The second part of the 6th week of Andrew Ng’s Machine Learning course at Coursera provides advice on machine learning system design. Their recommended approach is
- Start with a simple algorithm that you can implement quickly. Implement it and test it on your cross-validation data
- Plot learning curves to decide what to do next.
- Error analysis: Manually examine the examples (in cross validation set) that your algorithm made errors on. See if you can spot any systematic trend that can be used to improve your model.
When checking for systematic errors in your model, it helps to summarize those errors using some kind of metric. In many cases, such metric will have a natural meaning for the problem at hand. For example, if you are trying to predict house values then a reasonable metric to test the success of your model might be the prediction error your model is making in your cross-validation set. You could use quadratic or absolute error, for example, depending on what kind of estimate you use.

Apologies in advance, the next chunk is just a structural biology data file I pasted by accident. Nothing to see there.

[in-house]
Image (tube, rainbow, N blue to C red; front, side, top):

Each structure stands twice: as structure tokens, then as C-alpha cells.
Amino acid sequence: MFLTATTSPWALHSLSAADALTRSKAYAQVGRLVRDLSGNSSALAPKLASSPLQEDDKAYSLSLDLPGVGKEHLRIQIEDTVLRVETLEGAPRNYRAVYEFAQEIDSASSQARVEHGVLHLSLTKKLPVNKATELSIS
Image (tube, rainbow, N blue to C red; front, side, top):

However, when we are dealing with a skewed class classification problem things can get a little more trick and a balance between precision and recall is necessary.
Trading off precision and recall
A skewed class classification problem means that one class happens more often than the other. In a cancer classification problem, for example, it might be that cancer cases () happen only in of the time while cancer-free cases () happen . Then, a silly model that predicts all the cases with will have only a error on this dataset. Obviously, this doesn’t mean that this silly model is useful, since it said to the cancer patients that they are cancer-free.
In order to avoid the silly model problem above, we need to understand what is precision and recall in this context:
- Precision is the ratio of true positives over the number of predicted positives. Or of all patients we have predicted , what fraction actually has cancer?
- Recall is the ratio of true positives over the actual positives. Or of all patients that actually have cancer, what fraction did we correctly detect as having cancer?
Assume that in a logistic regression we predict cancer () if the probability of success is higher than a given threshold. If we want to predict cancer only if very confident we could just increase this threshold and get a higher precision and lower recall. If we want to avoid missing too many cases of cancer we could decrease the threshold and get a higher recall and lower precision.
If you don’t have a feeling about the correct weight you desire between recall (R) and precision (P) you can use the F score: